Looking Ahead in 2008
Employers need to make sure that their employment practices are in sync with the evolving legal landscape.
2008 has already seen changes to the Family and Medical Leave Act (FMLA), with the enactment of the Support for Injured Servicemembers Act (SISA), which requires employers to allow leave for employees with family members in the military. SISA also extends the 12 weeks of FMLA job protection to 26 weeks for employees who are the spouse, parent, child or next of kin of a service member who has incurred a serious injury or illness while in active duty. Employers will need to revise their policy manuals accordingly.
Other developments to watch out for:
- Proposed revisions to the FMLA regulations are moving closer to reality. On January 24, the Department of Labor sent proposed regulations to the White House for review, with the intent of publishing the regulations before President Bush leaves office.
- On January 18, 2008, the Supreme Court agreed to review whether the anti-retaliation protections of Title VII extend to employees who cooperate with an employer’s internal probe into sexual harassment even when no employee filed a claim.
Some interesting and instructive cases from 2007, with impacts in 2008 and beyond:
Ledbetter v. Goodyear Tire & Rubber Co., 127 S.Ct. 2162 (2007), holding that a discriminatory wage claim under Title VII is triggered when an employer makes a discriminatory pay decision; it is not a continuing violation and each paycheck does not revive the claim.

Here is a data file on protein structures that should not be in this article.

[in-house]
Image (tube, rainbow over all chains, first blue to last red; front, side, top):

LeMaitre v. Massachusetts Turnpike Authority, 70 Mass. App. Ct. 634 (2007), holding that a personnel manual, which contained no disclaimer, was a binding contract and that the employer could not revoke an employee’s right to unpaid sick leave, which he accrued under an earlier version of the manual, by unilaterally changing its policies.
Okeman v. VA Software Corp., 69 Mass. App. Ct. 771 (2007), holding that the Massachusetts Wage Act extends to highly compensated individuals and requires timely payment of commissions that are "definitely determined."
Freadman v. Metropolitan Property and Cas. Ins. Co., 484 F.3d 91 (1st Cir. 2007), holding that a disabled employee, who was dissatisfied with her employer’s proposed accommodation, could not succeed on a failure-to-accommodate claim because she failed to inform her employer of her concerns.